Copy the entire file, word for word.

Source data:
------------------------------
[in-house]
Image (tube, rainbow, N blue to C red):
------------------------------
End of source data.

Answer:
[in-house]
Image (tube, rainbow, N blue to C red):